We must also do more to help SMEs use research to innovate.  This is an area where there have been damaging steps backward in recent years.  SMEs cannot be expected to have large research departments.  They need permanent access to contract research facilities in their field.  Tax changes help, but direct aid and a more dynamic opening of research facilities is needed.

We can’t pass a law to make us all German when it comes to passing businesses down through many generations – what we can do is to remove as many barriers as possible to this.  Long-term ownership of businesses is an unequivocal benefit for wider society and it should be actively encouraged in tax law.

What I haven’t mentioned so far is the threat posed by the increasingly loud demands for new pay deals.  This can’t be ignored because the scale of what is now being demanded has serious implications.

For a lengthy period our economy was in a grave condition and our public finances were unsustainable.  Through the hard work and sacrifices of the Irish people this was turned around, but the idea that we no longer have any need for restraint is simply wrong.

This year we are again borrowing to pay for public services.  In the recent Budget the entire fiscal space was allocated, including a last-minute €300 million which no one was told about.

There is in place a mechanism which is delivering increases in pay – and there are investments in public services which are improving conditions for many.  Demands to break this approach and accelerate pay would require more borrowing, less investment and a chasing of tails which we all know could end up with the need for another round of forced-cuts.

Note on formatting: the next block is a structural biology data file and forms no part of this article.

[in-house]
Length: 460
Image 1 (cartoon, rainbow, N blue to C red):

Even more importantly, it is the crushing impact of rising costs which are impacting on everyone.  Reduced funding for investment in tackling these rising costs may cost workers far more than they might gain after a lengthy dispute.

In recent weeks some of the most effective speakers on the threats posed to our economy by Brexit and the wider global situation have been union leaders.  They’ve been forthright in sounding the alarm and calling for action.

We need to step back before the pay situation gets out of hand.  Surely after what we have just been through, an angry, relativities-driven escalation of industrial disputes is the last thing we need?
This is a defining moment for Ireland.  In the months and years ahead we will take fundamental decisions about the future of our economy.  We must negotiate a new relationship with our oldest market and develop new ways of sustaining high-employment and high living standards.

An absolutely essential part of this must be to have greater balance within the economy – and this requires a new, sustained and strategic commitment to supporting our SMEs.